|Mark Humphrey / Associated Press|
|Peyton Manning -- an all-American as a Volunteer -- is a legend in the state of Tennessee.|
The first curveball in the big game for the services of Peyton Manning has been thrown. And it's an 89-year-old owner on the mound.
The Titans' Bud Adams told The Tennessean on Sunday that Manning "is the man I want. Period. And the people that work for me understand that. They know who I want. I want Mr. Manning with the Titans and I will be disappointed if it doesn't happen."
For the past few weeks, Titans sources have held firm that the club planned on moving forward with their current arrangement at quarterback, with veteran Matt Hasselbeck mentoring 2011 first-round pick Jake Locker. The club likes the relationship the two have built, and foresees a smooth transition from one to the other down the line.
But the wild card was always Adams. The theory held that if Manning or his agent, Tom Condon, reached out directly to the owner that he would jump all over the opportunity to pursue the future Hall of Famer.
As it turns out, the conversation between Manning's camp and Adams happened, even if in a slightly different fashion than the process outlined above. Adams sensed a possible fit, and told The Tennessean that he was the one who reached out to Condon personally.
The potential match makes sense on several levels.
First, Manning is a legend in the state, having been named an All-American at the University of Tennessee. Adams is very aware of the marketing opportunities that Manning would open up in Nashville.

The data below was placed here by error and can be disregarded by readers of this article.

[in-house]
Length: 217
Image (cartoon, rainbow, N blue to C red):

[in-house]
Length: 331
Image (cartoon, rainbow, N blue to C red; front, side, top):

Second, Manning's wife, Ashley, is also a UT alum and happens to also be a Memphis native. While the football part of the equation is important, sources from several involved teams have said one factor that might be tough for teams in the West -- like Arizona, Denver or Seattle -- to overcome is convincing the quarterback to move his young family. That likely won't be a deal-breaker, but it could be a tiebreaker.
Third, the Titans have a head coach in Mike Munchak who is a former player and understands how to handle veterans. Then there is offensive coordinator Chris Palmer, who has a relationship with the Mannings dating back to when he was Eli Manning's position coach from 2007 to 2009 with the New York Giants.
Fourth, Tennessee has some $30 million in cap space to get Manning additional help on the roster.
Last, but not least, the Titans play in Manning's familiar environment in the AFC South.
Hasselbeck has a year left on his deal, and the Titans would likely try to continue to develop Locker behind Manning if it were to come to pass.
Follow Albert Breer on Twitter @albertbreer